Plant Pest Handbook Introduction

Plant Pest Handbook Introduction

We are extremely pleased and proud to present, on-line, the new and updated version of the Connecticut Agricultural Experiment Station’s Plant Pest Handbook as part of our Home Page.

The Station published its first report on effective and practical means of controlling plant diseases in 1889. In the many decades that followed, Station scientists published hundreds of scientific reports on the biology and ecology and on the chemical, natural, and integrated pest management (IPM) of diseases, insects, mites, and nematodes of Connecticut crops and plants. This great wealth of information was initially summarized in the Station’s first Plant Pest Handbook published in two volumes in 1933 and 1934. The Plant Pest Handbook was last published in 1956. This publication was always a popular source of information for farmers and homeowners.

This electronic version of the Plant Pest Handbook has been a most ambitious task, but one that we believe will be of immense benefit to Connecticut citizens. By placing this publication on-line, we will be able to continuously update it by adding new information and deleting out-dated information. Citizens in all parts of Connecticut will have instant access at any time to needed information on a particular pest infesting their crop, garden, lawn, tree, shrub, or house-plant. In many instances, a mere click of the mouse will bring more comprehensive coverage of a subject.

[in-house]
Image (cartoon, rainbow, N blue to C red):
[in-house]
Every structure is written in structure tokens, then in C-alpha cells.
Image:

Should you need to contact a Station scientist, you may visit our New Haven or Windsor locations, correspond through regular mail or e-mail, or call us at our New Haven or Windsor offices. Phone Numbers.  A toll free number can be dialed in Connecticut to reach Station scientists in New Haven (1-877-855-2237). Experiment Station scientists are ready to answer questions from 8:30 AM to 4:30 PM Monday through Friday, except State Holidays.

Station plant pathologist Sharon M. Douglas and entomologist Richard Cowles undertook the enormous task of editing the Handbook. Additional staff that contributed to the Handbook were plant pathologists Sandra L. Anagnostakis, Donald E. Aylor, Wade H. Elmer, Francis J. Ferrandino, James A. La Mondia, and Victoria L. Smith. Contributing entomologists were Timothy Abbey, Rose Hiskes, Chris T. Maier, Mark S. McClure, Kimberly A. Stoner, Kenneth A. Welch, and Ronald M. Weseloh.

Strategies useful in the management of plant diseases and insect pests are highlighted in the first two section. These sections are relatively short and are entitled "Plant Health Problems" and "Insects and Their Injuries to Plants". The "Heart" of the Handbook is found in the third and final section entitled "Search By Host Plant". Plants are arranged alphabetically by common name in this chapter. After finding the plant of interest, click, and you are instantly brought to information on the disease, nematode, growth, insect, and mite problems known in Connecticut for that particular plant species. Plant health problems are arranged by importance for each pathogen type (fungus, bacterium, phytoplasma, virus, nematode, and physiological/environmental problem). Insect problems are arranged alphabetically.

We are most interested in hearing from you as to how we can improve the Handbook. Your comments can be sent to Dr. Sharon Douglas at or to Dr. Richard Cowles at   All correspondence will be acknowledged.

John F. Anderson